However, Sharma noted that while people from the civil society and significant professions need to be put in such committees, usually politicians are appointed and they just visit the jails with sweets during festivals.

The situation remained equally dismal when it came to the undertrial review committees, those at the meeting noted. These committees are district-level oversight bodies headed by judicial officers, mandated to review and recommend releases in cases of petty offence, long detentions and in cases where statutory bail is ordained, said CHRI. A report from the organisation on these committees has revealed that only 40% of their meetings complied fully with the Supreme Court guidelines.

Importance of the reforms

CHRI believes these prison visits are very important for a variety of reasons. They lead to inspection of prisons, observation of prison life, documentation of observations, prevention of any violation, improvement of prison conditions and redressal of prisoners’ complaints.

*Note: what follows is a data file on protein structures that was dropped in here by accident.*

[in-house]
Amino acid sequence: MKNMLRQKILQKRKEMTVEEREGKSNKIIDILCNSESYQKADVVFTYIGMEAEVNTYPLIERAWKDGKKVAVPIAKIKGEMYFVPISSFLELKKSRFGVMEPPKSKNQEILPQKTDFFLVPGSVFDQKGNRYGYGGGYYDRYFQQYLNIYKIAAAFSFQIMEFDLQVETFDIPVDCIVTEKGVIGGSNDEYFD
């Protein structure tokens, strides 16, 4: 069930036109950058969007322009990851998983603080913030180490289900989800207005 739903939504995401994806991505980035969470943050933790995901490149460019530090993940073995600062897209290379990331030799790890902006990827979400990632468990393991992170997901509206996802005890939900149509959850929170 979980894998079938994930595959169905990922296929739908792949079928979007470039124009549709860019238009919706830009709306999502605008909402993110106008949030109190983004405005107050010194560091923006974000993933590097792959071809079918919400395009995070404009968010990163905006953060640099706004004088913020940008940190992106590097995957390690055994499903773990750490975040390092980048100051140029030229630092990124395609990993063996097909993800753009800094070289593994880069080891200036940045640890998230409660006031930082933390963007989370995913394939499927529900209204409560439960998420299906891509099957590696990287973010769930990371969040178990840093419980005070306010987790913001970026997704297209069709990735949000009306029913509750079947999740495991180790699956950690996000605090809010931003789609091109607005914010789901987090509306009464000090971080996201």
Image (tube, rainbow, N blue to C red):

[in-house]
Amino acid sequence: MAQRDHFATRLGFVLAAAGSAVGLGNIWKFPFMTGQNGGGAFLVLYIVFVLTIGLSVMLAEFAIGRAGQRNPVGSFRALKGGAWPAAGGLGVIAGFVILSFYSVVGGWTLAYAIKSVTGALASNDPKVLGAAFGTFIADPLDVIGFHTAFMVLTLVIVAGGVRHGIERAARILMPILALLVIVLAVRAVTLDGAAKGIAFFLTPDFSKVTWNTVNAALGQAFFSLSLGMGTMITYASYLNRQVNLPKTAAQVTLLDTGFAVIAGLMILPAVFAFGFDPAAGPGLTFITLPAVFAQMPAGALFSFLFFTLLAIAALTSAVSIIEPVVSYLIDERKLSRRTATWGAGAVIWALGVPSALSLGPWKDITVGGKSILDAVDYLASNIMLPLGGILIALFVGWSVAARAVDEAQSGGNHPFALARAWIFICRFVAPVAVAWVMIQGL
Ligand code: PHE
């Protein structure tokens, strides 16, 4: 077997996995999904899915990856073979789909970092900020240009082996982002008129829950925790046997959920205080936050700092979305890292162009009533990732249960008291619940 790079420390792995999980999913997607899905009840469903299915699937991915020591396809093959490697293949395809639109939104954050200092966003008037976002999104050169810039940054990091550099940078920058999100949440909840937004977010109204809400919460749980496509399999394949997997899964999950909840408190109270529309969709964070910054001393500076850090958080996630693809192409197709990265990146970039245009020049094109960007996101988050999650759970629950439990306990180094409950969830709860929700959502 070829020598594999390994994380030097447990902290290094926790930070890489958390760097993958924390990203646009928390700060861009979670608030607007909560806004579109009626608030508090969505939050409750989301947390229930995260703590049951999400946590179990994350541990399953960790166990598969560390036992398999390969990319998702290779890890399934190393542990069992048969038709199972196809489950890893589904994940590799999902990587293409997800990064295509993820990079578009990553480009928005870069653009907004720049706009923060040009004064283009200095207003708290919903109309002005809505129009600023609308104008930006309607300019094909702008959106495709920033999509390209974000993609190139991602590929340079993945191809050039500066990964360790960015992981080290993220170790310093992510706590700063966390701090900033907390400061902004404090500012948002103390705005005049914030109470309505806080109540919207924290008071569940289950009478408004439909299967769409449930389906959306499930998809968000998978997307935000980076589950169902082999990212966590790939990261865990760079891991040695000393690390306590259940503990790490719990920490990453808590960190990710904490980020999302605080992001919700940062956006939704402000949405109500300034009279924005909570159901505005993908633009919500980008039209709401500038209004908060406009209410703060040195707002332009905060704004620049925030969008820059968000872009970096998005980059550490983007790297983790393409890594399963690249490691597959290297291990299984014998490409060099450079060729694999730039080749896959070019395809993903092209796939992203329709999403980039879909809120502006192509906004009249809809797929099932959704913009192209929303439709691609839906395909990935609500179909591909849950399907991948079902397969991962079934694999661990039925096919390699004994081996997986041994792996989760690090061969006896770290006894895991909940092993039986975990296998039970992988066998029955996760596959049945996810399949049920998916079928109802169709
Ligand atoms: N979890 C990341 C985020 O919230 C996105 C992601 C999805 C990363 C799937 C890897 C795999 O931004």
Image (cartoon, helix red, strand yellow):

Simply put, these visits reveal if food, water, sanitation and hygiene in jails are in order. They also reveal how vulnerable groups like women, the physically or mentally ill, foreign prisoners, transgender people, juveniles, migrants, dispersed families and minority groups are being treated.

This apart, the visits are crucial in establishing if record books are being maintained properly, if the prison staff is adequately trained and if there are posts that are lying vacant. These visits are also helpful in learning whether the inmates are being tortured, how their cases are being handled, if their working conditions are fine and if they are being given training and provided with education.

CHRI director Sanjoy Hazarika talked about how India did not have a single jail of international standards and how the space for civil society was shrinking across the world as there was pressure to conform to a process. And jails in India, which represent an “area of darkness”, were no exception.